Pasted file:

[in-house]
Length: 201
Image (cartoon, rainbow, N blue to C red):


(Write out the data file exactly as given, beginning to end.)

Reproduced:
[in-house]
Length: 201
Image (cartoon, rainbow, N blue to C red):